To make this project possible, developers will dig two 500 meter by 75 kilometer canals, and the dam itself will flood an area of 668 square kilometers (415 square miles). The flooding will displace up to 20,000 people from the Altamira and Vitoria do Xingu municipalities. This will restrict the livelihood of thousands and destroy hundreds of miles of rain forest that cannot be replaced; but this is only one aspect of this project. What is not widely publicized is that the dam, once completed, will only run at full capacity for approximately seven months per year when the river is at its peak. During the five-month dry season, the dam will only operate at 10 percent of its capacity. To compensate for this, the government will construct a series of larger dams on tributaries of the Xingu River. These additional dams will impact the indigenous territories of the Kayapo, flood the lands of the Arawete, Assurini, and Arara, and cause damage to the surrounding forest and local fisheries.

But not all such stories have sad endings. The Loita Maasi in Kenya continuously fight – often successfully – for their rights in the Naimina- Enkiyio Forest. Forests cover 1.4 million hectares of land inside the country, and these ecosystems are important to the national economy as sources of energy, catchment protection, medicine and other employment. The Naimina-Enkiyio Forest covers 330 square kilometers (approximately 205 square miles) but is unique in that it is one of the few land trusts controlled by indigenous peoples, the Loita Maasai, who have a spiritual and cultural connection to the area. They believe the responsibility to conserve the forest lies with them. For example, the Maasai understand the role of the forest as a water catchment for other water sources utilized by local communities, so they regulate grazing within the forest, limiting it to the dry seasons in order to keep it sustainable. What this demonstrates is an integral understanding of the environment within which they live and a dedication to managing natural resources sustainably.

In 2002, the Narok County Council of Kenya tried to take away the Loita Maasai stewardship of the land under the guise of creating a conservation park to protect the Naimina-Enkiyio Forest. In reality, the central government of Kenya sought to collect revenue from logging operations. At the same time, the Council sought to sell the remaining forest region to a consortium that wanted to build a tourist retreat, thereby destroying any hopes of preservation. The result of such maneuvers would deny the Maasai access to traditional medicines and sustenance, as well as culturally and spiritually significant areas and resources. This attempt was eventually stymied with the help of indigenous NGO groups in the area, but the question remains: what would have happened to the Naimina-Enkiyio Forest if the government had succeeded? The destruction of the environment and the displacement of the Loita Maasai were distinct possibilities and remain so as they struggle to maintain their claim to the land.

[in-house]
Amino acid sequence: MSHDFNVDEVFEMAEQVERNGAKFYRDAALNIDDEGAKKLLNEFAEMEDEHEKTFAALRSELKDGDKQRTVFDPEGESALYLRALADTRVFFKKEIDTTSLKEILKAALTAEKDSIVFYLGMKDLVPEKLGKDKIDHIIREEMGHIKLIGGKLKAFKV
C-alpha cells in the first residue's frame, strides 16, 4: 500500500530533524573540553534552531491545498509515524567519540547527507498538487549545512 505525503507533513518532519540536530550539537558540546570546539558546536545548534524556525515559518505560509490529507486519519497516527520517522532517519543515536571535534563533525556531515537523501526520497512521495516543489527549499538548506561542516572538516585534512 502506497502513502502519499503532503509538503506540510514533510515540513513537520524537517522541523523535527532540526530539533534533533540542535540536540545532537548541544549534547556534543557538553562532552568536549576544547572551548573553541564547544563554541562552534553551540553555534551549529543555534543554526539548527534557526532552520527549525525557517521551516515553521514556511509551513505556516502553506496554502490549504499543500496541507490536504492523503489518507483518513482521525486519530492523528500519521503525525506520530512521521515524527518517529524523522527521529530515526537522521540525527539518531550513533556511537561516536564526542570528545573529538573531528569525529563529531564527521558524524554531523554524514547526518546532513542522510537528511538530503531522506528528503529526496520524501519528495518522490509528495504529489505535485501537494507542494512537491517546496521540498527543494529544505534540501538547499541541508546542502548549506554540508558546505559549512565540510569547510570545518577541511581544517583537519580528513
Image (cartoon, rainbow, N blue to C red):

This raises many questions, including: How does the destruction of large swaths of the forest, the ruination of fisheries, and the upheaval of indigenous people who have lived a sustainable existence with the forest constitute sustainable management of natural resources? The simple truth is that all too often the march toward modernization comes at the cost of the environment and the people that depend on it.

For generations, protection of the land was necessary for the survival of humankind. Relationships to the environment and consumption of resources were extremely important, but recent developments have revealed the change in this dynamic. While others are concerned with preserving the tradition of environmental sustainability and interdependence, others are more concerned with the wealth that such resources can bring to themselves or their country. Modern trends seem to favor the latter, and groups that once represented most of humanity are becoming ever scarcer. It is no longer inconceivable to imagine a world without such groups of people, without forests and freshwater. The question is: is modernization worth the price of the environment? That is a question each person must ask themselves and one without an easy answer.

All images are copyright protected and may not be used without permission. All photos are courtesy of Kathryn and Jonmikel Pardo. The graph is courtesy of Infrastructure EU and GDS Infographics and is used with the permission of Flickr CreativeCommons Attribution License 2.0 Generic.